I have seen clowning looked down upon in theatre circles (ridiculously), considered lowbrow or easy hanging fruit. I would now direct any person talking such absolute nonsense to watch Aitken’s skilful clown work. After watching this show, it’s no wonder to me that a lot of emerging theatre makers are inspired by his particular prowess in clowning. Of particular note is his entrancing prop work. The beginning of the show relies heavily on just an actor working with several inanimate objects, often a tricky task, but one Aitken handles expertly. The mundanity of opening a milk bottle is suddenly a full body task, greeted by shrieks of laughter and even a call of ‘That’s so dangerous!’ from the audience.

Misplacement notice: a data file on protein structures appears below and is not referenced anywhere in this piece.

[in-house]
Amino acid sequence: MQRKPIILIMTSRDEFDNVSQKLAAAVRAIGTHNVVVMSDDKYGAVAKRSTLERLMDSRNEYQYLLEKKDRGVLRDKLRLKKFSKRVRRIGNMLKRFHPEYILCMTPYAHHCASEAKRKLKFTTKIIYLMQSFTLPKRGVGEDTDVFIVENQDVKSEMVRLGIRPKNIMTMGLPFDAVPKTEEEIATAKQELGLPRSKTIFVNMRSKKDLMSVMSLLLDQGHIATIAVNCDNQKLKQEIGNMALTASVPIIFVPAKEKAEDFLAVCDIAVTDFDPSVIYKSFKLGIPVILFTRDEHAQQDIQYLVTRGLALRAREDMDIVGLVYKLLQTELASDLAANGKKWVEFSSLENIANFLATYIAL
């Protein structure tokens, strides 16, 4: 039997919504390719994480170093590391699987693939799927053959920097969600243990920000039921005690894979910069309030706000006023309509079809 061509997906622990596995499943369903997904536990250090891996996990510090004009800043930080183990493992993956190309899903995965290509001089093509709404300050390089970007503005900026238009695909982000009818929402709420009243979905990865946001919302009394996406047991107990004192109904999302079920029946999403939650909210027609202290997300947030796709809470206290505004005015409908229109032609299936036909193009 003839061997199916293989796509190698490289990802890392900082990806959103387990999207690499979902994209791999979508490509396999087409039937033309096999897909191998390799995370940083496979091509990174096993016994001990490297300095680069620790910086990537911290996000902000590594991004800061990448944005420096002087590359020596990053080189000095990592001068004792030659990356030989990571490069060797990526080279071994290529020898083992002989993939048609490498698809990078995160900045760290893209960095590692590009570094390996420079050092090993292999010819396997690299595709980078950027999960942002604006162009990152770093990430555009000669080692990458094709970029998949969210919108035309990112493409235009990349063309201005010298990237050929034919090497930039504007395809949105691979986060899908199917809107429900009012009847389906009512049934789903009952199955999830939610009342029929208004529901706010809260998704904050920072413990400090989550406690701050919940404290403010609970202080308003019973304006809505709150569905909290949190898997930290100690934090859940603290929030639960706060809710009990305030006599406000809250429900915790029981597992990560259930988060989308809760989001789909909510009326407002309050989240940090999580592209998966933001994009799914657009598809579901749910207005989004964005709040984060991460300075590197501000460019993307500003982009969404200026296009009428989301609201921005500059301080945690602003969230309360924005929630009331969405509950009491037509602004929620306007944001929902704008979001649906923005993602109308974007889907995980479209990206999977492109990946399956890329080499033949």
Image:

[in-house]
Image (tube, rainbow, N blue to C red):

My favourite part of the entire performance is a sequence lit only in blue light, thanks to the lighting design of Marcus McShane and operation of Niamh Campbell-Ward. Aitken and his stage team of Rosier Mazur and Mike Ainsworth puppeteering various objects and animals painted in fluorescents to portray apart of the dream Mr. Fungus is having. I love puppets. Love them. If I’m coming into a show not expecting puppets and I get puppets… I’m having a good time in the theatre. I’m not exaggerating when I say that every member of the audience was in awe of this sequence. It expertly showed the cerebral dreamscape mixed with the fantastical clowning the Mr Fungus team has become known for.
As a lovely end, Aitken stands in front of the audience and says that he and the Mr Fungus and friends team really wanted to make a piece of theatre that was fun and light hearted because that’s what we need today. I believe thoroughly that the whole team has achieved this goal.
Mr Fungus Dreams is on at Circa Theatre until Saturday the 7th of October with very limited tickets available.